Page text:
• your businesses name and address
  • the name of the employee
  • the date their employment begins
  • Details of the contract length (permanent or fixed term)
  • how much and when the employee will be paid e.g. weekly or monthly
  • hours of work
  • holidays and holiday pay, annual leave entitlements
  • job title and job description
  • Terms and conditions of Employment Contracts
  • Details of the Company’s discipline and grievance procedures

Learn more about contracts and how to make one on the ACAS website: http://www.acas.org.uk/index.aspx?articleid=1461

 

Other Points which may or may not be applicable to you include:

  • Sick leave and sick pay
  • Details of any probationary period – (a probationary period can be a good idea)
  • Information on overtime, time off in lieu or flexible working arrangements
  • Confidentiality and data protection
  • Expenses
  • Maternity, Paternity, Parental, Shared Parental & Adoption leave  Notice requirement

 


 

While a Contract of Employment is not a legal requirement in most cases, it could prove to be advantageous. Having a contract will protect you and your business in a number of ways, most notably because the employee will be bound by the terms of the contract.

If the work the employee engages in involves dealing with confidential information about your business, your products or your clients, a contract gives you the platform to specify clauses in the contract which prevent the employee from divulging this confidential information even after their employment contract has ended.

A contract can set out the length of the contract and the period of notice (ie, time before leaving the position). Having an employee agree to these conditions in a contract can give you greater control over their ability to leave their position and your ability to terminate their contract. For example, setting an initial contract 90 days term will give you the option to extend or terminate this contract without difficulty after the 90 day period, depending on the performance of the employee. It will also protect your business from employees leaving without giving appropriate notice.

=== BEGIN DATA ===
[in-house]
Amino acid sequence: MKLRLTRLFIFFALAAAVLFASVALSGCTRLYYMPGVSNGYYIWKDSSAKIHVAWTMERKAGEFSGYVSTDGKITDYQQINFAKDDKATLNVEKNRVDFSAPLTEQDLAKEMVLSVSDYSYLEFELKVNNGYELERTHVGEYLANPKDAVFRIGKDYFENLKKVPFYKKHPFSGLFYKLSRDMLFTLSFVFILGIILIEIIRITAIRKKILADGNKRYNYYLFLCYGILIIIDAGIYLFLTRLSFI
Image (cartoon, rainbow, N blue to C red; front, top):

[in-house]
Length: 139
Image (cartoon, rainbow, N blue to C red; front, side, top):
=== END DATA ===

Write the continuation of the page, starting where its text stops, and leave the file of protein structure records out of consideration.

Other clauses that can set out include, start and ending of a working day, expected appearance, expected performance level. These all allow you to terminate employment if any of the clauses are not met.

Today, most employees would prefer to have a Contract of Employment in place before commencing employment. An Employment Contract is also seen as a certain security in their position and helps attract talent.

Download Sample UK Contract

Download this employment contract to get an idea of the issues you will be required to address when you are producing your own employment contracts.

Employee Verification Checks

There are a variety of Employee Verifications you may need to do, or in some cases you may not need any. However, it is recommended that at the very least Work References be requested.

The verifications you choose to do will depend largely on the industry you operate in and your attitude toward the risk of hiring a new employee.

For example, working with children or the elderly will require a mandatory CRB check. You can learn more about CRB checks and get started on it here>

Checking whether your employee has the legal right to work in the UK is your responsibility  and the consequences of not being vigilant about this could lead to fines of up to £10000 or worse. For more guidance on how to assess if someone has the right to work in the UK, head on over to the following website: https://www.gov.uk/legal-right-work-uk.

Common types of employee verifications

  • Medical History
  • Employment Verification
  • Education Verification
  • Professional Licensing Verification
  • Personal References
  • Drug Screening
  • Driving Record
  • National Sex Offender Registry